The Man Without a Face | Granta

  • Published: 03/01/2013
  • ISBN: 9781847084231
  • 129x20mm
  • 320 pages

The Man Without a Face

Masha Gessen

When Vladimir Putin, an unimportant, low-level KGB operative, was rushed to power by a group of Oligarchs in 1999, he was a man without a history. Within a few brief years, Putin had dismantled Russia’s media, wrested control and wealth from the country’s burgeoning business class, and decimated the fragile mechanisms of democracy. Virtually every obstacle to his unbridled control was removed and every opposing voice silenced, with political rivals and critics driven into exile or to the grave.

Drawing on information and sources no other writer has tapped, Masha Gessen’s fearless account charts Putin’s rise from the boy who had scrapped his way through post-war Leningrad schoolyards, to the ‘faceless’ man who manoeuvred his way into absolute – and absolutely corrupt – power.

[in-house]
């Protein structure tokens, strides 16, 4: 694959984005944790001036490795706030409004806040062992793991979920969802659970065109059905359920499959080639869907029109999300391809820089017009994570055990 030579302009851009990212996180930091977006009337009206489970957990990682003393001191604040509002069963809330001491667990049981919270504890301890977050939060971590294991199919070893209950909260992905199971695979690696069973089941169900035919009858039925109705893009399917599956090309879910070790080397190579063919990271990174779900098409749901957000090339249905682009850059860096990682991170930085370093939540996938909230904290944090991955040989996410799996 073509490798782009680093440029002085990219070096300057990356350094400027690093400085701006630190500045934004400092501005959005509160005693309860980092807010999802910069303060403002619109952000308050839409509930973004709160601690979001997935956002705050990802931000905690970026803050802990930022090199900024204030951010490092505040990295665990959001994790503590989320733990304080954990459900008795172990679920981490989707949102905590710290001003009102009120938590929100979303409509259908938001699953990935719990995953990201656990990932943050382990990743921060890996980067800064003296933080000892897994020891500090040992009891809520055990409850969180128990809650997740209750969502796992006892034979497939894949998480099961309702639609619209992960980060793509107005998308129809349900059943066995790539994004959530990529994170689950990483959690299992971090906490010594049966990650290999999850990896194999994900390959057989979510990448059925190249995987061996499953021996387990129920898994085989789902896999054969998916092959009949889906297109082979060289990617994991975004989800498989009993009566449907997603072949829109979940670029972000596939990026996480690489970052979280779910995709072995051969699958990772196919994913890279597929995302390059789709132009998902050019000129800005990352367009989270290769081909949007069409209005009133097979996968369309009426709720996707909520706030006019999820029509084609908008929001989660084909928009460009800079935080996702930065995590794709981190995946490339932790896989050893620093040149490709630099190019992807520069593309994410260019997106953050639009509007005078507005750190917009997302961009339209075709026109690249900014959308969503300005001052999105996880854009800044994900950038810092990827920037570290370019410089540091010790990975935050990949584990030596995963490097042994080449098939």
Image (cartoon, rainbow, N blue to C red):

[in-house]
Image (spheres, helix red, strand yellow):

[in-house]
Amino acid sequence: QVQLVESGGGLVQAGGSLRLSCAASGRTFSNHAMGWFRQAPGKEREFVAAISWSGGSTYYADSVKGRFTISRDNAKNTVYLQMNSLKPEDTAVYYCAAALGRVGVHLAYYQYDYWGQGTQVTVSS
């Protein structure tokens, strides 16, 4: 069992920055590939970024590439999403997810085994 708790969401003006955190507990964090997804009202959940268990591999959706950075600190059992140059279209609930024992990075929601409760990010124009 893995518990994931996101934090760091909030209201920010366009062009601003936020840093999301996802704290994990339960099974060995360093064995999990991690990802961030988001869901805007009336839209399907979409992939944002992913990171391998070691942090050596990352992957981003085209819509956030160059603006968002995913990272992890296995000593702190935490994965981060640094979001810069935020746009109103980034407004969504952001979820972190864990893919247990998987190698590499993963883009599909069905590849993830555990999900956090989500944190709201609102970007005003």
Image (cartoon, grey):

Courageous and shocking

Katy Guest, Books of the Year, Independent on Sunday

A clear, brave book... Gessen offers intriguing details of the scratching, biting, hair-tearing, undersized, brawling boy Putin, refusing to be bullied in the grubby back yards of Leningrad

James Meek, Observer

Gessen's engaging prose combines a native's passion with a mordant wit and caustic understatement that are characteristically Russian

AD Miller, Daily Telegraph

The Author

Masha Gessen is a staff writer at the New Yorker and the author of several books, among them the National Book Award-winning The Future is History and the Samuel Johnson prize-longlisted The Man Without a Face. The recipient of numerous other awards, including a Guggenheim Fellowship and a Carnegie Fellowship, Gessen lives in New York City.

More about the author →

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We knew Trump’s range: government by gesture; obfuscation and lying; self-praise; stoking fear and issuing threats.

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‘Once I came home at the end of August, it was as if nothing had ever happened. Indeed, nothing had.‘

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‘With a disease as unpredictable as cancer, the opportunity to blame an actual person is an unexpected temptation.’